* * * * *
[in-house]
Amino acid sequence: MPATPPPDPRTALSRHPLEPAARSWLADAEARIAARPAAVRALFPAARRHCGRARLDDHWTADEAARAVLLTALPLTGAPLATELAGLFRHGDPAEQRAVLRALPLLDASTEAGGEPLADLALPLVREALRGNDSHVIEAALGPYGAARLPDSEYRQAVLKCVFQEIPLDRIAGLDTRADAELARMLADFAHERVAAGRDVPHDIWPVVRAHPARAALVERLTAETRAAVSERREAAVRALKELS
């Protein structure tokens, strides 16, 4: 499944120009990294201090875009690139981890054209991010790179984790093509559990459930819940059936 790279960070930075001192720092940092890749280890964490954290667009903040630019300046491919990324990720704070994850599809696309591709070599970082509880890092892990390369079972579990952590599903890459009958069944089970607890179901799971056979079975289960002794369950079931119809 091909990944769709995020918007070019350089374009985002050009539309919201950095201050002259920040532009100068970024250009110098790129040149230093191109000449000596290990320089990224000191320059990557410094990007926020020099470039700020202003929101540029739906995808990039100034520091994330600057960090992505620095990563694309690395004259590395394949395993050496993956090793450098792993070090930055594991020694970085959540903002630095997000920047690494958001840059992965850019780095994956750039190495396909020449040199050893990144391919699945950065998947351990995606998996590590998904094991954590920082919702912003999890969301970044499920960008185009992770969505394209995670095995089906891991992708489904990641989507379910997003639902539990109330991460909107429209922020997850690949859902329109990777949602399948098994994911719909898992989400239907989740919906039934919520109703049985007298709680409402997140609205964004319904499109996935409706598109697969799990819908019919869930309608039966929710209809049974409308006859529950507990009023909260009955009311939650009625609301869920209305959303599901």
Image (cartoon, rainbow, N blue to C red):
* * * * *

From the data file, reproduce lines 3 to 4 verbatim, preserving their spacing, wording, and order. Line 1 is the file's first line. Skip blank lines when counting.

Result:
């Protein structure tokens, strides 16, 4: 499944120009990294201090875009690139981890054209991010790179984790093509559990459930819940059936 790279960070930075001192720092940092890749280890964490954290667009903040630019300046491919990324990720704070994850599809696309591709070599970082509880890092892990390369079972579990952590599903890459009958069944089970607890179901799971056979079975289960002794369950079931119809 091909990944769709995020918007070019350089374009985002050009539309919201950095201050002259920040532009100068970024250009110098790129040149230093191109000449000596290990320089990224000191320059990557410094990007926020020099470039700020202003929101540029739906995808990039100034520091994330600057960090992505620095990563694309690395004259590395394949395993050496993956090793450098792993070090930055594991020694970085959540903002630095997000920047690494958001840059992965850019780095994956750039190495396909020449040199050893990144391919699945950065998947351990995606998996590590998904094991954590920082919702912003999890969301970044499920960008185009992770969505394209995670095995089906891991992708489904990641989507379910997003639902539990109330991460909107429209922020997850690949859902329109990777949602399948098994994911719909898992989400239907989740919906039934919520109703049985007298709680409402997140609205964004319904499109996935409706598109697969799990819908019919869930309608039966929710209809049974409308006859529950507990009023909260009955009311939650009625609301869920209305959303599901």
Image (cartoon, rainbow, N blue to C red):